Beyond a Boycott

By now I'm sure most of you are aware of the problems with Roland Emmerich’s upcoming Stonewall movie. It whitewashes history and erases the contributions of trans women of color, putting a cis white gay man front and center instead of the historical people who were actually the first to fight back against the police*. It perpetuates the abhorrent transphobic myth that trans women are ~really~ “men in dresses” by casting a cis man in the role of Marsha P Johnson. Along with cutting Miss Major Griffin-Gracy, the IMDB page for the film has no roles listed for several other pivotal women of color, including Sylvia Rivera and Stormé DeLaverie.

This film, in short, is an insult both to history and to some of the people most vulnerable to oppressive violence. Do not see this movie. Tell your friends not to see this movie. Don't reward racist, transmisogynistic lies.

But do more than that. Not seeing this movie is, ultimately, rather like not punching someone in the face. Sure, you definitely shouldn't walk around punching random strangers in the face, but refraining from doing so doesn’t exactly mean you’re doing active good in the world. In a year when more trans women [Autostraddle], mostly trans women of color [Black Girl Dangerous], have already been murdered than in all of 2014, not symbolically punching them in the face is wholly inadequate inadequate response. We must do more.

So to that end, take the money you would have spent on that movie ticket (or more, if you can afford it), and donate it to one of the following causes**:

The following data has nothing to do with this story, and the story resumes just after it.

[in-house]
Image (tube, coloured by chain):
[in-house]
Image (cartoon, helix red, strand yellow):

1. Happy Birthday Marsha. Since Emmerich’s film is such a bastardization of history, it seems only fitting to start with a film that gets it right. Happy Birthday Marsha tells the story of the Stonewall riot by following Marsha P Johnson and Sylvia Rivera on that fateful June day. It casts trans women of color as trans women of color, and the writing, directing, and producing crews also draw heavily from that demographic. They recently finished principal photography and are currently in post-production.
  2. Miss Major Griffin-Gracy. Despite years of fighting for the LGBTQ community, Miss Major Griffin-Gracy is currently without a reliable source of income, and relies in large part on ongoing donations even for such basic needs as food and rent.
  3. Sylvia Rivera Law Project. The Sylvia Rivera Law Project is a collective organization working to guarantee to all the right to self-determine their gender identity, with the understanding that justice on this front is deeply intertwined with justice on racial, social, and economic fronts as well. Among other things, they push for gender-related policy changes while also providing free legal assistance to low-income trans, intersex, and gender-non-conforming people.
  4. Casa Ruby. Casa Ruby provides food, clothing, and counseling services (among other kinds of support) to low-income (and often homeless) LGBT youth in Washington DC. It is the only such bilingual support center in our nation's capital, and it’s run by a trans woman who is trying to provide for others the services and support she wishes she had had when she was younger.
  5. New Alternatives. Guided by principles of harm-reduction, youth development, and empowerment, New Alternatives is an organization working to give homeless LGBT youth the tools they need to become self-sufficient and break out of cycles of poverty. In addition to helping with basic needs such as food and clothing, they provide counseling services and help to people who are HIV+, help that is often completely unaffordable in more traditional channels.